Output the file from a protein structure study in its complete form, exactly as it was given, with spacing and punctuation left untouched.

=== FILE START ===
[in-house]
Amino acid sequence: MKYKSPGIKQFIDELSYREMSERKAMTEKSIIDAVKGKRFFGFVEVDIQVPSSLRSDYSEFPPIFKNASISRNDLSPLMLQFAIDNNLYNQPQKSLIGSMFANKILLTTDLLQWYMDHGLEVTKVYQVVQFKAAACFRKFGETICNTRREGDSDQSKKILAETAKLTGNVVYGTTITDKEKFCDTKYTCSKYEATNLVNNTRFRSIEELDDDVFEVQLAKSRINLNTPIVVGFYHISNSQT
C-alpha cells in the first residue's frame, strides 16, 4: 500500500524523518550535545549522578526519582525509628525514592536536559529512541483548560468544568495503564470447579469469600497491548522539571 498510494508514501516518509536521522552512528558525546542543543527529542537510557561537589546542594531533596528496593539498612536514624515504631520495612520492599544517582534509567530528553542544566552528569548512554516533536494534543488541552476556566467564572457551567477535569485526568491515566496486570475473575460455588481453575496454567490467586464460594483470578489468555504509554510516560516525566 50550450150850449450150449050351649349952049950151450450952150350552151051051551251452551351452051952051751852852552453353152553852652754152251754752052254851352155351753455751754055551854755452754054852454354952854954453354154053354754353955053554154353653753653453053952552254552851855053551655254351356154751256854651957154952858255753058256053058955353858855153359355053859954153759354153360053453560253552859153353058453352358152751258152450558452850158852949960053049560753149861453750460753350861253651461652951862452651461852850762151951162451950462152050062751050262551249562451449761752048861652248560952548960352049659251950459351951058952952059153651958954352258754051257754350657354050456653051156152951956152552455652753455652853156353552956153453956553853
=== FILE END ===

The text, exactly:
[in-house]
Amino acid sequence: MKYKSPGIKQFIDELSYREMSERKAMTEKSIIDAVKGKRFFGFVEVDIQVPSSLRSDYSEFPPIFKNASISRNDLSPLMLQFAIDNNLYNQPQKSLIGSMFANKILLTTDLLQWYMDHGLEVTKVYQVVQFKAAACFRKFGETICNTRREGDSDQSKKILAETAKLTGNVVYGTTITDKEKFCDTKYTCSKYEATNLVNNTRFRSIEELDDDVFEVQLAKSRINLNTPIVVGFYHISNSQT
C-alpha cells in the first residue's frame, strides 16, 4: 500500500524523518550535545549522578526519582525509628525514592536536559529512541483548560468544568495503564470447579469469600497491548522539571 498510494508514501516518509536521522552512528558525546542543543527529542537510557561537589546542594531533596528496593539498612536514624515504631520495612520492599544517582534509567530528553542544566552528569548512554516533536494534543488541552476556566467564572457551567477535569485526568491515566496486570475473575460455588481453575496454567490467586464460594483470578489468555504509554510516560516525566 50550450150850449450150449050351649349952049950151450450952150350552151051051551251452551351452051952051751852852552453353152553852652754152251754752052254851352155351753455751754055551854755452754054852454354952854954453354154053354754353955053554154353653753653453053952552254552851855053551655254351356154751256854651957154952858255753058256053058955353858855153359355053859954153759354153360053453560253552859153353058453352358152751258152450558452850158852949960053049560753149861453750460753350861253651461652951862452651461852850762151951162451950462152050062751050262551249562451449761752048861652248560952548960352049659251950459351951058952952059153651958954352258754051257754350657354050456653051156152951956152552455652753455652853156353552956153453956553853